By Jim Whitt, Contributing Editor
A friend texted me with this question: “What is your take on all the plant-based burgers? Is the beef industry headed to being a niche market?” I replied: “If so, it will be good for farmers!” His response: “LOL [laugh out loud].”
As a more serious response, I referred him to Will Verboven’s column in the CALF News April/May 2019 issue, “New Meats Are Closer Than You Think.” It’s an excellent read and Will poses a sobering question, “So, what is the meat industry to do to at least survive in some form?”
Who would have dreamed of a meat industry without meat? Certainly not Elmer Wheeler. It was Mr. Wheeler, founder of The Tested Selling Institute, who famously coined this phrase in the 1930, “Don’t sell the steak – sell the sizzle!” Mr. Wheeler went on to observe, “The sizzle has sold more steaks than the cow ever has, although the cow is, of course, mighty important.”
The cow’s importance will be greatly diminished if these fake-meat products meet the consumer taste test. And this is straight from the Beyond Meat mission statement: “By shifting from animal, to plant-based meat, we are creating one savory solution that solves four growing issues attributed to livestock production: human health, climate change, constraints on natural resources and animal welfare.”
Since the public has been conditioned to believe that message, it has plenty of sizzle.
The sizzle is already selling. On May 2, Beyond Meat became the first plant-based food company to go public on a major exchange. It zoomed past its projected price per share by 163 percent on its first day of trading, giving the company a market value of about $3.8 billion. This was the best opening day for an IPO in 2019. The marketplace just made a statement by betting big on Beyond Meat.
Industry giants Cargill and Tyson have invested in plant-based and cultured-meat products. They don’t want to be on the outside looking in if fake meat turns out to be the real deal. From a purely economic perspective, imagine producing exactly what you want when you want it and eliminating the supply chain inefficiencies of taking an animal from conception to the dinner plate.
Technically, beef is already a niche market. Meat makes up about 9 percent of the average daily calories consumed by the world’s population. Beef accounts for only 1 percent of the world’s average daily calories. The beef industry is already a niche market in the meat industry, which is a niche market in the food industry. Fake meat could make these niches even smaller.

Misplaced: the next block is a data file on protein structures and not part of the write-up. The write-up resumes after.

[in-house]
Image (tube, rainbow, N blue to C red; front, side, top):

As Will stated in his column, “In researching this topic, one becomes rather depressed about the future of the meat industry.”
Before we get too depressed there are some silver linings in the fake meat cloud. Another industry was faced with a major market disruption a few years ago. Remember when Tesla was going to take over the auto world with its electric car? Like Beyond Meat, Tesla went public in 2010 amid much fanfare. Its stock increased more than 40 percent on its opening day. It’s still struggling to meet sales and production goals and has never had a profitable year. What do consumers prefer to drive? The most popular vehicles on the road are light duty trucks and SUVs with real internal combustion engines.
Consider the fact that fake meat is being developed because people like to eat real meat! Part of the sizzle Beyond Beef is selling is that their fake burger tastes like a real burger. It’s an admission that a real burger is the standard a fake burger has to match. And by the way, a real burger is a much easier sell to those on low-carb diets. The Beyond Meat burger has 5 grams of carbohydrates. A real burger has zero.
The beef industry has a research, development and promotion machine with a proven track record. The Beef Checkoff program has been the industry’s success story for the last 30 years. It will be more important than ever for the beef industry to survive.
Finally, adversity can be painful, but it is the most powerful catalyst for change and growth. This challenge should be a call to arms! It’s time for every breed and segment of the industry to crawl out of their silos and partner to satisfy the end-product consumer.
It’s time for the real meat industry to plan beyond meat.
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